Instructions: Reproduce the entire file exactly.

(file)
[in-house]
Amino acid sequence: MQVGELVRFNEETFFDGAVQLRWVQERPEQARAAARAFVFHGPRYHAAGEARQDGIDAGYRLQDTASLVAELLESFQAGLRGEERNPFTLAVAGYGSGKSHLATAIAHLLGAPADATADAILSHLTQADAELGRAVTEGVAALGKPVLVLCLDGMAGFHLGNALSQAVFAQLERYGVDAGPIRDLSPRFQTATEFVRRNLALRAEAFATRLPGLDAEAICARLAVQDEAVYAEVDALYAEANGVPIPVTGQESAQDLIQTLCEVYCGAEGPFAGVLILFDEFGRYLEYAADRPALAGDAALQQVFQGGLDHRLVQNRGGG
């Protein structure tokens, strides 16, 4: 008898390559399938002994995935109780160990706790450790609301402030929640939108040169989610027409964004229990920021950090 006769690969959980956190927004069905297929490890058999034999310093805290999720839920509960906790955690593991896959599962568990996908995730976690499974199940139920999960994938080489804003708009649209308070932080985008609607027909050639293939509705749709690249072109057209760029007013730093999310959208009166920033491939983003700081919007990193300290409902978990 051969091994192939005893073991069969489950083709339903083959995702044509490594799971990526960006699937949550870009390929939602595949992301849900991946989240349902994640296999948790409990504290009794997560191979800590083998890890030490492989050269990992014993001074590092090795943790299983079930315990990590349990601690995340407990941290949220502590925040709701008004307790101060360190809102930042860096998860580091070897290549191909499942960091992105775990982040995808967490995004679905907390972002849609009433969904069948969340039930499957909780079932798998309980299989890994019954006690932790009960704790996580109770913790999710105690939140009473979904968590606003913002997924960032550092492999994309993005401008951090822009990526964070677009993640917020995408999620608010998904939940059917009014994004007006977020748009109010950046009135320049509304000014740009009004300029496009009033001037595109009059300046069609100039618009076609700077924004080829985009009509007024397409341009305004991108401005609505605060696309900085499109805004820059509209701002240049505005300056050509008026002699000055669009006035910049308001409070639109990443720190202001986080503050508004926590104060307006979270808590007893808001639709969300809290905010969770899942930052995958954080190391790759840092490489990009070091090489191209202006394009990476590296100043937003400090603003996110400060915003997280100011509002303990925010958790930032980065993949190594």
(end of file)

[in-house]
Amino acid sequence: MQVGELVRFNEETFFDGAVQLRWVQERPEQARAAARAFVFHGPRYHAAGEARQDGIDAGYRLQDTASLVAELLESFQAGLRGEERNPFTLAVAGYGSGKSHLATAIAHLLGAPADATADAILSHLTQADAELGRAVTEGVAALGKPVLVLCLDGMAGFHLGNALSQAVFAQLERYGVDAGPIRDLSPRFQTATEFVRRNLALRAEAFATRLPGLDAEAICARLAVQDEAVYAEVDALYAEANGVPIPVTGQESAQDLIQTLCEVYCGAEGPFAGVLILFDEFGRYLEYAADRPALAGDAALQQVFQGGLDHRLVQNRGGG
């Protein structure tokens, strides 16, 4: 008898390559399938002994995935109780160990706790450790609301402030929640939108040169989610027409964004229990920021950090 006769690969959980956190927004069905297929490890058999034999310093805290999720839920509960906790955690593991896959599962568990996908995730976690499974199940139920999960994938080489804003708009649209308070932080985008609607027909050639293939509705749709690249072109057209760029007013730093999310959208009166920033491939983003700081919007990193300290409902978990 051969091994192939005893073991069969489950083709339903083959995702044509490594799971990526960006699937949550870009390929939602595949992301849900991946989240349902994640296999948790409990504290009794997560191979800590083998890890030490492989050269990992014993001074590092090795943790299983079930315990990590349990601690995340407990941290949220502590925040709701008004307790101060360190809102930042860096998860580091070897290549191909499942960091992105775990982040995808967490995004679905907390972002849609009433969904069948969340039930499957909780079932798998309980299989890994019954006690932790009960704790996580109770913790999710105690939140009473979904968590606003913002997924960032550092492999994309993005401008951090822009990526964070677009993640917020995408999620608010998904939940059917009014994004007006977020748009109010950046009135320049509304000014740009009004300029496009009033001037595109009059300046069609100039618009076609700077924004080829985009009509007024397409341009305004991108401005609505605060696309900085499109805004820059509209701002240049505005300056050509008026002699000055669009006035910049308001409070639109990443720190202001986080503050508004926590104060307006979270808590007893808001639709969300809290905010969770899942930052995958954080190391790759840092490489990009070091090489191209202006394009990476590296100043937003400090603003996110400060915003997280100011509002303990925010958790930032980065993949190594």